What is a Business Architect?

Some years ago, I was asked: ‘What is the difference between a Business Analyst and a Business Architect?’

My reply was that a Business Architect was someone who can apply the techniques of business analysis to an architectural framework in a technology-agnostic way. There are other differences but that was what occurred to me at the time.

However, that led me to ask myself: ‘What is a Business Architect?’ I think there are two types, broadly speaking. One would be someone who can truly shape a business and decide, or at least advise, what its business model should be, what strategies it should put in place and what it needs to do to implement those strategies. I am not that type of business architect. That kind of strategic advisory role requires deep knowledge and insight into a particular business and a particular industry. However, the people with that knowledge often lack the formal language/framework to model their ideas. As the poet John Ciardi said: “The language of experience is not the language of classification” (which is why, on software development projects, simply writing requirements in business language so often leads to business people saying during UAT: “Yeah, but that’s not what we meant”).

My area of expertise is the language of classification, or, rather, languages because each modelling technique is a language of sorts with its own vocabulary, grammar and syntax. Modelling techniques also allow variations in method and style, which are effectively dialects. In other words, I am a technician, not a strategist. I am a ghost writer. I cannot tell you what your strategic goals should be but I can help you put structure on them to make them clear and unambiguous. I cannot tell you what your business model should be but I can help you describe it formally in the language of the Business Model Canvas. In asking you the kind of questions the rigour of the canvas demands, I can help you articulate things that are so normal to you that you wouldn’t otherwise have thought they needed to be articulated, or help you think of things you wouldn’t otherwise have thought of at all.

Business Architecture is typically defined as:

‘A blueprint of the enterprise that provides a common understanding of the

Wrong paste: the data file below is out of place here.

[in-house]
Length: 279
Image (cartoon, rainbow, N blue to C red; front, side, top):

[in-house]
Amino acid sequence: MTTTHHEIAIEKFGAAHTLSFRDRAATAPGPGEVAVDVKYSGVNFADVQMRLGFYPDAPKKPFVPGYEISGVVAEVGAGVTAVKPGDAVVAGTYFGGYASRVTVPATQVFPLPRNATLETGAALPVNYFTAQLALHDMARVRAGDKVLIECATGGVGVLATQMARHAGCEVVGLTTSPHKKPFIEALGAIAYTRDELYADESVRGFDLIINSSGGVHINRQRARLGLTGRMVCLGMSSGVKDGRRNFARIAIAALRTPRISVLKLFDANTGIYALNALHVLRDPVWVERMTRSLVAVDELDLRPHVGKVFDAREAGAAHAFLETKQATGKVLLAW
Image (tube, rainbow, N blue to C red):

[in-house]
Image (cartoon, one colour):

organization and is used to align strategic objectives and tactical demands.’

With that in mind, I would say the strategist provides the content of that blueprint, while the technician provides the form. Ideally, an organisation would have a Business Architect who is a combination of strategist and technician but a strategist would likely not have the time to gain experience in the detail of technical models of the 2nd row of the Zachman Framework. On the other hand, a technician would not likely have the time to gain the business experience. However, their experience and skill sets are complementary. In fact, my view is that the 1st row of the Zachman Framework is where the two types of Business Architect mostly collaborate.

If I were to be precise, and those who have worked with me know that is one of my strengths, I would label myself a “Business Architecture Analyst” in that I analyse the architecture of a business, rather than the business itself.

Well, I’m glad I cleared that up.

What are your thoughts?

Kind regards.

Declan Chellar

2 comments to What is a Business Architect?

  • I see the business architect role as being someone who gets involved early on to shape the vision and overall technological direction for the project from a strategic point of view. To do this they will work with the business to understand the problems, opportunities and needs. They will also look at the processes and where improvements can be made, not necessarily IT related. For example, strategic solutions may involve reviewing and changing the target operating model. Business Architects will have knowledge or be able to work with other IT architects to identify what solutions should be adapted taking into account the capabilities of the organisation and the future direction.

    Regards, Helen

    • Declan Chellar

      Thanks for taking the time to comment, Helen. I agree with you in all but one point, which is the one about shaping the technological direction. I believe the Business Architect role should remain technology agnostic in order to focus on what the business needs, whether or not the technology exists to fulfil those needs. That’s not to say Business Architects can’t or shouldn’t be aware of technology but shaping technological direction should be down to Technical Solutions Architects working under an Enterprise Architect. Of course, I’m talking about roles, not people. A person could play more than one role, as long as that person was able to wear the right hat at the right moment.

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